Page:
Pediatric Neurological Conditions

Our physicians make every attempt to stay at the forefront of treatment advances, making sure they provide our patients with the best care possible. We take specialized and evidence-based approaches to diagnosing and treating children’s neurological disorders. The following is a list of some of the conditions we treat.

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Cerebral Palsy

A group of neurological (brain) disorders; a life-long condition affecting communication between the brain and the muscles, causing uncoordinated movement and posturing.

Epilepsy

Two or more seizures — altered behavior occurring when the brain receives abnormal electrical signals interrupting normal function — that occur without a specific cause.

Migraines

A common childhood complaint with symptoms of moderate to severe intensity, usually described as “throbbing,” may include vision changes, tiredness and mood changes.

Movement Dysfunction

Affecting the ability to walk, maintain balance, and participate in athletics; chronic pain and decreased range of motion are usually also present.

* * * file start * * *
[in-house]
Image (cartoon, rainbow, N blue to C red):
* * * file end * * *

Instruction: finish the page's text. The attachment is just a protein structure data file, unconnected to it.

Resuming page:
Neuromuscular Disorders

Conditions affecting control of voluntary muscles, especially those of the legs and arms, affecting a child’s crawling, walking, head and neck control, breathing and swallowing.

Spinal Muscular Atrophy

A genetic disease affecting the part of the nervous system that controls our ability to move our muscles voluntarily.

Traumatic Brain Injury

Any damage to the brain caused by either impact with or by an object or a sudden acceleration or deceleration in the cranium.

Attention Deficit Hyperactive Disorder (ADHD)

A condition used to describe children, adolescents and some adults who are inattentive, easily distracted, hyperactive and impulsive in their behavior.

Charcot-Marie-Tooth Disease

Children with CMT disease may have difficulty with walking and navigating stairs, decreased endurance, trouble fastening buttons, writing or sustaining a grip on objects.

Concussion

A brain injury that temporarily changes the way the brain works. The symptoms of a concussion can be subtle. A concussion can occur even if a person has not lost consciousness.

Encephalitis

A condition characterized by inflammation of the brain, usually resulting from an infection. This condition can cause problems with the brain and spinal cord function.

Tourette Syndrome

A neurological condition included with other tic disorders, involuntary and repetitive movement or vocalization.